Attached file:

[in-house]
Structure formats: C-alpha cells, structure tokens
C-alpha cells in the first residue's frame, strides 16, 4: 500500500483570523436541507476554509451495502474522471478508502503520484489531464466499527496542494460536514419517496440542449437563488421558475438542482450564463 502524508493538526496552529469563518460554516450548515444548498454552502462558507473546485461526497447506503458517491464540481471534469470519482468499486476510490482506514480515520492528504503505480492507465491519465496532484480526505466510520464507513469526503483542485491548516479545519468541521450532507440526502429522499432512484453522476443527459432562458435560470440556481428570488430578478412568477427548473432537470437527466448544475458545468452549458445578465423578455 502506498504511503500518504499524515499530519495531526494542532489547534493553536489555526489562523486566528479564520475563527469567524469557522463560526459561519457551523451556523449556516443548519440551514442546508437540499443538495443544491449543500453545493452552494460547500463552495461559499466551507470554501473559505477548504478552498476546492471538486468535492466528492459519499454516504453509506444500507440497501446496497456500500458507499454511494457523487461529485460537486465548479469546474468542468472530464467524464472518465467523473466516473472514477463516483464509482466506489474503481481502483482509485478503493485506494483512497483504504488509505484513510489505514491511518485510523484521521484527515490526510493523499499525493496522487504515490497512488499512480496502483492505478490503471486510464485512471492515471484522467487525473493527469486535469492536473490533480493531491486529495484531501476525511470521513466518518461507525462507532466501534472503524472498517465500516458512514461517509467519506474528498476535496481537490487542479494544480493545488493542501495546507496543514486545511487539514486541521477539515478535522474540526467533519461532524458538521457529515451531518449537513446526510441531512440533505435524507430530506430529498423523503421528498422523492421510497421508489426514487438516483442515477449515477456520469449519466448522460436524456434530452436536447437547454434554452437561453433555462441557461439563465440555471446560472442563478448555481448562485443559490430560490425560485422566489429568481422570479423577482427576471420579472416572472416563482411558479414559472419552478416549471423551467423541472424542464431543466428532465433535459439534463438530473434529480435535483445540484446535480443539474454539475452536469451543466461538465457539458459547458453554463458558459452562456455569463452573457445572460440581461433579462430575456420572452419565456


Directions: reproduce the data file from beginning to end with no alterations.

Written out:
[in-house]
Structure formats: C-alpha cells, structure tokens
C-alpha cells in the first residue's frame, strides 16, 4: 500500500483570523436541507476554509451495502474522471478508502503520484489531464466499527496542494460536514419517496440542449437563488421558475438542482450564463 502524508493538526496552529469563518460554516450548515444548498454552502462558507473546485461526497447506503458517491464540481471534469470519482468499486476510490482506514480515520492528504503505480492507465491519465496532484480526505466510520464507513469526503483542485491548516479545519468541521450532507440526502429522499432512484453522476443527459432562458435560470440556481428570488430578478412568477427548473432537470437527466448544475458545468452549458445578465423578455 502506498504511503500518504499524515499530519495531526494542532489547534493553536489555526489562523486566528479564520475563527469567524469557522463560526459561519457551523451556523449556516443548519440551514442546508437540499443538495443544491449543500453545493452552494460547500463552495461559499466551507470554501473559505477548504478552498476546492471538486468535492466528492459519499454516504453509506444500507440497501446496497456500500458507499454511494457523487461529485460537486465548479469546474468542468472530464467524464472518465467523473466516473472514477463516483464509482466506489474503481481502483482509485478503493485506494483512497483504504488509505484513510489505514491511518485510523484521521484527515490526510493523499499525493496522487504515490497512488499512480496502483492505478490503471486510464485512471492515471484522467487525473493527469486535469492536473490533480493531491486529495484531501476525511470521513466518518461507525462507532466501534472503524472498517465500516458512514461517509467519506474528498476535496481537490487542479494544480493545488493542501495546507496543514486545511487539514486541521477539515478535522474540526467533519461532524458538521457529515451531518449537513446526510441531512440533505435524507430530506430529498423523503421528498422523492421510497421508489426514487438516483442515477449515477456520469449519466448522460436524456434530452436536447437547454434554452437561453433555462441557461439563465440555471446560472442563478448555481448562485443559490430560490425560485422566489429568481422570479423577482427576471420579472416572472416563482411558479414559472419552478416549471423551467423541472424542464431543466428532465433535459439534463438530473434529480435535483445540484446535480443539474454539475452536469451543466461538465457539458459547458453554463458558459452562456455569463452573457445572460440581461433579462430575456420572452419565456